Ebay is a fantastic worldwide marketplace where almost anything you can imagine is being bought and sold at any given moment.
And for the entrepreneur, this now includes businesses. Now this may not be the initial game plan in a entrepreneur or angel investors strategy, but it actually could make a lot of sense in terms of rapid development and deployment of a online business, and the fastest route to liquidity youÃ¢Â€Â™re going to get.
Kiko, a Web 2.0 calendar service just posted their business for sale by auction on eBay.
Now in this case, it clearly was not their intention or hope to put the business up for sale on eBay so quickly, but based on competition from Google that sounds remarkably Microsoftian, KikoÃ¢Â€Â™s founder decided to throw in the towel.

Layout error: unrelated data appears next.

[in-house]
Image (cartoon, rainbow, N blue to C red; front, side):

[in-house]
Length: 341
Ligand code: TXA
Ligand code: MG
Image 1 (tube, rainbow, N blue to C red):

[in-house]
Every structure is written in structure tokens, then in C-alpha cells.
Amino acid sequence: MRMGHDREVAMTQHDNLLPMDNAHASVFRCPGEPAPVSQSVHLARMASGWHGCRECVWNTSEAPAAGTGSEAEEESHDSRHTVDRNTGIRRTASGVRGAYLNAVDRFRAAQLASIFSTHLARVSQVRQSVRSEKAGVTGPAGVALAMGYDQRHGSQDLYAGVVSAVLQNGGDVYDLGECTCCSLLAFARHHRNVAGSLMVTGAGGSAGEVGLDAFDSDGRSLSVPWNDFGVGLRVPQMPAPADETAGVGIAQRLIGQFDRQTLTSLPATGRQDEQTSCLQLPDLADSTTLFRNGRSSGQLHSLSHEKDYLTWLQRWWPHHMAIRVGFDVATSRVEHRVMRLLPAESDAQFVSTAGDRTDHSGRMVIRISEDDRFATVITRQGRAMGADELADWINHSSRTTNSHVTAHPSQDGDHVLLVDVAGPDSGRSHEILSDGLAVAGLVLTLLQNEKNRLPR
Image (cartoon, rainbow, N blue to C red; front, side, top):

But letÃ¢Â€Â™s examine this even further. Is this really a failed business Ã¢Â€Âœdiving into the deadpoolÃ¢Â€? as Richard White a member of the Kiko team states? Or was it simply a nimble team that was reevaluating their opportunities and seeing the prospects for growth with Kiko as well as the competition it faced making a decision to pursue other opportunites and save some of their investors cash.
Now, back to the eBay auction, lets see what this goes for. There have been businesses like the Jux2 Search Engine that sold on eBay last year for over $100,000. This type of sale creates a liquidity event for everyone involved at a very early stage.
What if building a business to flip on eBay were the gameplan from the get go. A couple of web developers could put together a web application that might have a lot of promise, but they donÃ¢Â€Â™t have the marketing budget or wherewithall to get traction with users.
Hack it together over a couple of months, put it for sale on eBay, flip it to someone who has the resources to grow it and invest in it, and move on.